Don't get me wrong. I'm all for people getting rich if things work out for them. Launch the latest hot social networking site and sell it to Google for $2 billion. Develop a new breed of sustainable yet practical energy production or transportation, and make a fortune selling countless tens of thousands of units. Land a recording contract and make it big. Win the lottery. Whatever. It's all good to me. But jacking prices up into the stratosphere for something as necessary and fundamental to survival as housing, all because you can get enough overpaid professionals to fill your building's units for the prices you’re asking, yet to hell with anybody who fell through the cracks in the great patio of wealth? Don't come to me with that attitude and expect me to acknowledge you as anything other than a regrettable blight on the face of civilized society. It’s classism at its worst, making a pathetic attempt at parading under some kind of "free market" banner. Let us all bow and worship the golden calf. Feel free to kneel upon the mangled remains of equality of opportunity if reality proves too uncomfortable for your fragile little illusion to rest its tired self upon.
As regrettable as it is, classism is a somewhat unavoidable consequence of capitalism. I believe government exists, among other purposes, to keep such inequities in check. The moment you begin disemboweling and castrating government's ability to perform this crucial function, you cross the line from classism to fascism. And there’s not much room for democracy in a fascist state, beyond a purely decorative role. Let’s not completely shatter my ... delusion? ... that we’re not quite there yet, okay? Please? Save that for next time at least.
Rent control exists for a reason. Many reasons, I’m sure. One reason is to serve as the consciences that landlords/rental agencies/corporations (especially the latter) often fail to have, and to ensure that responsible, hard-working people who don’t happen to be rich are still able to afford a decent place to live, without worrying about the degree to which their annual raise is going to be completely overshadowed by next year’s rent hike. Rent control rewards loyalty. It levels the playing field. It gives people a fair shot. And if it happens to shatter a rental agency’s dreams of gouging and profiteering, I don’t care. I think it’s a travesty that more municipalities don’t have rent control, especially in a place like the bay area. And now some of society’s white-collar aphids2 are crying about what little there is3, and trying to do away with it? It’s hard to imagine a more absurd rationale.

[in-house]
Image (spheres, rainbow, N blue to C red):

If you want to reform eminent domain and you wish to explain your cause with substantive arguments, be my guest. I’m all ears. But don’t masquerade as a crusader for freedom, hoping deceptive-yet-flowery language is going to somehow distract me from your transparent attempt at justifying institutionalized greed. I see it for what it is, and I am not going to be fooled.
- When I wrote this part, I quickly Googled "Alan Greenspan" to check on a few tidbits, and I initially mistyped his name as "Greedspan." Please note that I have NO hidden Freudian agenda in mentioning this. I just thought it was funny as hell.
- As irresistible as it may seem, my "aphids" reference was actually not a thinly veiled derogatory metaphor comparing greedy corporate types to lowly insects. Aphids have a pretty easy existence, as life in the wild goes. They are "farmed" by ants who want nothing more than the sugary by-product of their metabolic processes, and the ants protect them fiercely. So basically, all an aphid has to do to survive is eat and eliminate, aphid-style, while being protected by ants who are pretty much literally kissing its ass. (Okay, so maybe that was a metaphorical comparison with a certain degree of derogatory intent -- just with a bit more depth and thought behind it than it may have seemed on the surface.)
- For anybody who doesn't know: even with rent control, rental agencies are still granted considerable latitude (in my opinion, far too much) to gouge and artificially inflate prices. A friend was living in a shoddy building (basically trying to market as "quaint" and "vintage" what was actually just old and run-down) at Northpoint Apartments in San Francisco, where he was already being charged something outrageous on the order of $1600 per month for a one-bedroom apartment when he moved in several years ago. Thanks to rent control, although his rent increased each year, it did so at a fairly reasonable rate. But in the case of new tenants, the owners are perfectly free to charge whatever "fair market value" they desire. Last I heard, this was in the vicinity of at least $2200 for that same one-bedroom. Enough said.